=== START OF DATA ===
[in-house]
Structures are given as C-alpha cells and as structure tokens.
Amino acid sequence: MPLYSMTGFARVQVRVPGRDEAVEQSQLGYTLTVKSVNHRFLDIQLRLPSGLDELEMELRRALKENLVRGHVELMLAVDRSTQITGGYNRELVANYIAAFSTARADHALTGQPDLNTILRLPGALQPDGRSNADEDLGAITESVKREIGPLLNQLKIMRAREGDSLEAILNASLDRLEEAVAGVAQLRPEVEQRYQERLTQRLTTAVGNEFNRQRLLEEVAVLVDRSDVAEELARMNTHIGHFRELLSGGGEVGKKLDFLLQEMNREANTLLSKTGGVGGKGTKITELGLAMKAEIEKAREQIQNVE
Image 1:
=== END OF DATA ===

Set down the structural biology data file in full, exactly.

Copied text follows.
[in-house]
Structures are given as C-alpha cells and as structure tokens.
Amino acid sequence: MPLYSMTGFARVQVRVPGRDEAVEQSQLGYTLTVKSVNHRFLDIQLRLPSGLDELEMELRRALKENLVRGHVELMLAVDRSTQITGGYNRELVANYIAAFSTARADHALTGQPDLNTILRLPGALQPDGRSNADEDLGAITESVKREIGPLLNQLKIMRAREGDSLEAILNASLDRLEEAVAGVAQLRPEVEQRYQERLTQRLTTAVGNEFNRQRLLEEVAVLVDRSDVAEELARMNTHIGHFRELLSGGGEVGKKLDFLLQEMNREANTLLSKTGGVGGKGTKITELGLAMKAEIEKAREQIQNVE
Image 1: